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October 18, 2017

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In wake of Rice stepping aside, Reid blasts ‘shameful’ GOP attacks



America’s U.N. Ambassador Susan Rice speaks at the United Nations, Aug. 30, 2012.

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Senate Majority Leader Harry Reid, D-Nev., speaks with reporters following a Democratic strategy session at the Capitol in Washington, Tuesday, Dec. 11, 2012.

Sen. Harry Reid weighed in on U.S. Ambassador to the United Nations Susan Rice’s decision to withdraw her name from consideration for secretary of state Thursday with palpable chagrin.

“Ambassador Rice deserved far more respect than she was shown by certain Senate Republicans,” he said in a statement sent to reporters Thursday night. “The politically motivated attacks on her character from some of my Republican colleagues were shameful.”

Reid is referencing a movement, spearheaded by Sen. John McCain of Arizona, among some Republicans to pillory Rice over her role in disseminating the Obama administration’s shifting position on what happened Sept. 11, 2012, in Benghazi, Libya, during an attack that left four Americans, including the U.S. ambassador and a former Navy SEAL from Nevada, dead.

Rice was the Obama representative who went on the airwaves the Sunday after the attack and claimed that it was the tragic result of spontaneous demonstrations by protesters angered by an anti-Muslim video, produced by Christian Egyptians in the U.S., circulating on the Internet. That, the administration later admitted, turned out not to be true.

McCain and others accused Rice of orchestrating or at least participating in a cover-up.

But Rice and CIA officials — including former chief David Petraeus — maintained she was simply working off the talking points she was given.

Nevada Rep. Joe Heck, who sat in on House Intelligence Committee briefings about Benghazi in the immediate aftermath of the attack and again just a few weeks ago, said he didn’t blame Rice for the statements that she made.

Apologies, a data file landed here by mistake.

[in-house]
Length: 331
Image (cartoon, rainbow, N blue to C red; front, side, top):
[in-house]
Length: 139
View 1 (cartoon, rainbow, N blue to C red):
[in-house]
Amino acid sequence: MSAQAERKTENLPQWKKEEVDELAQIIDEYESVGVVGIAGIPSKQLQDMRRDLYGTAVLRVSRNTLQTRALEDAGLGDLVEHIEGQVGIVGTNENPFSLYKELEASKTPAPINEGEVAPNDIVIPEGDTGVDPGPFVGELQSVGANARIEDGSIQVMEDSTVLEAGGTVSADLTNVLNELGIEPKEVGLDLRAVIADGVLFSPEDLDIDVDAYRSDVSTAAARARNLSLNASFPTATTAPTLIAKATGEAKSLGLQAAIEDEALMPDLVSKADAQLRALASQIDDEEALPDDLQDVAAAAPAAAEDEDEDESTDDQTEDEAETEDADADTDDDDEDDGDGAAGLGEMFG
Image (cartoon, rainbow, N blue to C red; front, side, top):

“She was given talking points and she delivered them,” he told the Sun at the time. “There’s no blame to be laid for the story changing.”

But in the Senate, it appears, lawmakers weren’t so sure.

Republicans did not all back up McCain, but Republican Senate leadership did appoint him to the Foreign Relations Committee for the next Congress. From that featured position, he would have the ability to, at the very least, stymie and slow her nomination process; and perhaps even persuade enough senators to vote against her to ruin her chances at nomination. The Democrats have a 55-vote majority in the Senate next year, but it takes 60 votes to confirm a presidential nominee — and it is possible for any one senator to block a nomination.

In an op-ed she penned for the Washington Post Thursday explaining her decision, Rice said she did not want to subject the country to that possibility, contending “it would be wrong to allow this debate to continue distracting from urgent national priorities.”

Reid maintained Thursday that Rice “could have been confirmed” by the Senate.

“I believe Ambassador Rice should continue to help steer our nation’s foreign policy, as she has done so successfully, and I look forward to continuing to work with her.”

Rice will stay on as U.N. Ambassador, she said in her op-ed. Her decision has led many to speculate that the Obama administration might now turn to John Kerry, the one-time presidential candidate and longtime Democratic senator from Massachusetts, who has made no secret of his desire to succeed Hillary Clinton in the position.

Should Kerry get the nod, the chances that his colleagues will confirm him without incident are very high. But that would set off a contest for his seat — a seat in Reid’s caucus — for his replacement: Under Massachusetts law, the governor may appoint a temporary replacement, but a special election must be held 145 to 160 days after a seat goes vacant so the people can pick a successor.

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